HIV replication, encapsidation, and pathogeneses.
- Dr. Shi-Hua Xiang:
HIV envelope glycoprotein structure, function, vaccine design, and utilizing commensal bacteria for anti-HIV infection.
- Dr. Luwen Zhange
Herpesvirus-host interactions in innate immunity and cancer formation.
Apply for NIH Fellowships that include:
Nationally Competitive Stipend
Travel allowance to attend relevant scientific meetings
To apply, prepare all application materials and submit as described below. Any communications or questions about the application process can be directed via email to firstname.lastname@example.org or email@example.com with "NIH Training Application" in your subject line or by phone at (402) 472-4560.
Predoctoral NIH Training Application
DUE DATE: The due date for applying for our NIH predoctoral fellowship awards, corresponds to the "Deadline" for applications to the UNL School of Biological Sciences each semester. This information can be found on their website linked below.
The first step in applying for a predoctoral training award is to complete the UNL School of Biological Sciences (SBS) graduate school application process and apply for admission into that program: http://www.biosci.unl.edu/grad/
Prepare and submit a letter of interest addressed to Dr. Charles Wood, University of Nebraska, Nebraska Center for Virology, 102 Morrison Center, Lincoln, NE 68583-0900. Your letter should include the following:
a) Notification that you have completed and submitted the SBS graduate school application as stated in step 1 above.
b) An expression of your interest in our NIH predoctoral training program.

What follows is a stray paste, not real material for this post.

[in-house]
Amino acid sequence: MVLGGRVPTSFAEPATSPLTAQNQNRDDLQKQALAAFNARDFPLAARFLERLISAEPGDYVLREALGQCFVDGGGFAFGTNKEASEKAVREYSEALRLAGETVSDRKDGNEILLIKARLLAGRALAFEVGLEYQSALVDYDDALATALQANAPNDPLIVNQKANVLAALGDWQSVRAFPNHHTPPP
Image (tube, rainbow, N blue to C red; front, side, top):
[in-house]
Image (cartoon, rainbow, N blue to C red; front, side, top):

c) Description of your experience in research and your interest in virology research.
- Contact the SBS graduate coordinator and request that a copy of your complete graduate school application be forwarded to the Nebraska Center for Virology.
Postdoctoral NIH Training Application
DUE DATE: We conduct an ongoing review of applications for postdoctoral positions. Review continues until all positions are filled.
Prepare and submit an application document including:
d) A two page single-spaced description of your research plan. You may use one additional page for references and figures.
e) A statement describing the significance of your project as related to an area of virology.
f) A statement indicating that you have met or will comply with the training program requirements and that all publications resulting from your appointment will acknowledge support by citing NIH with the following language: "This research was supported by the National Institutes of Health under Ruth L. Kirschstein National Research Service Award 1 T32 AIO60547 from the National Institute of Allergy and Infectious Diseases."
Submit a Biographical Sketch completed in NIH format. The form is available at http://www.grants.nih.gov/grants/funding/2590/biosketch.pdf
Forward a copy of your graduate school transcript.
Include a letter of support from your proposed UNL mentor. The letter should explain your qualifications, the significance of the proposed research, and the ability of the mentor to support your research program.
Submit three letters of support from referees that include a description of your qualifications.